I’ve covered several different types of fruit crops in past articles. I tend to write about ones – such as blueberries, figs, persimmons, muscadines, and blackberries – that are relatively easy to grow with good site selection and preparation, appropriate variety selection, and adequate care.
Today, however, I’m addressing plums. These are not the lowest maintenance of fruit crops. In fact, they tend to produce less reliably than peaches in Louisiana.
Cultivated plums are largely of two types: Japanese (Prunus salicina) and European (primarily Prunus domestica). (I grew up calling loquats “Japanese plums,” but that’s not what I’m talking about here.) The kind that we see in the produce sections of grocery stores are generally Japanese plums. European plums are typically oval-shaped. Some are eaten fresh, and others are dried for prunes.
Plums have many of the same disease and insect problems that peaches have, which is to say a lot. Examples include peachtree borer, plum curculio, and brown rot. They are also susceptible to an additional disease, black knot. Growing plums in Louisiana isn’t for those who want reliable, long-term production with little effort.
Most plums need to be cross-pollinated by another variety, so planting two varieties is recommended. Methley is an exception. It’s considered self-fertile.
As with many fruit crops, chill hours are important when choosing a plum variety. If a variety requires too many chill hours for your location, it won’t flower and fruit consistently and may eventually die. If it requires too few chill hours, it’s likely to bloom too early and have flowers or small fruits killed by late freezes.
Besides the self-fertile Methley, Bruce and Byrongold are suggested for the Florida Parishes area of Louisiana. Shirley may perform well north of I-10. Methley has red to purple fruit when ripe. The skin of Bruce turns red when fully ripe, but it’s often harvested as a “green plum.” The fruit quality is not great, but it’s one of the more reliable producers. Byrongold has yellow skin and flesh.
As for most fruit trees, it’s important to choose a site with good drainage and full sun exposure when planting plum trees. Soil pH should be between approximately pH 6 and 7.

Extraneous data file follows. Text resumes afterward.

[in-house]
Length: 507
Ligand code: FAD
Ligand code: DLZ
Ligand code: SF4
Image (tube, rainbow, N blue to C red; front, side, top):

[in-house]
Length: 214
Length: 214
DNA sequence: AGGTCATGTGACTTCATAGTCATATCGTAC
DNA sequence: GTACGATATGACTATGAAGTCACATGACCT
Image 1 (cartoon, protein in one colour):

Plum trees are often trained in the open center or vase form, like peaches. This starts with cutting the tree off at about 24 to 36 inches while the tree is dormant and then choosing three to four outward-growing scaffold branches during the first growing season.
Louisiana has several native plum species that provide food for wildlife and, occasionally, for humans. They also support pollinators. Chickasaw plum (Prunus angustifolia) seems to be the most popular native plum for fresh eating. It’s also the one I’ve seen offered for sale from the most places. (The bar is pretty low. None of these are widely sold.) Other plums native to Louisiana’s Florida Parishes include Mexican plum (Prunus mexicana; this one has the largest fruit among the native plums), American plum (Prunus americana), and hog plum (Prunus umbellata). The US Geological Survey’s Plants of Louisiana website has information about and photos of each of these species.
If you’re interested in planting fruit plants this winter and want to be able to choose varieties that are not commonly sold locally, you may want to go ahead and look into reserving or ordering the varieties you want. Make sure that, if plants will be shipped bareroot, they won’t be shipped till the dormant season.
Let me know if you have questions.
Dr. Mary Helen Ferguson is an Extension Agent with the LSU AgCenter, with horticulture responsibilities in Washington and Tangipahoa Parishes. Contact Mary Helen at firstname.lastname@example.org or 985-277-1850 (Hammond) or 985-839-7855 (Franklinton).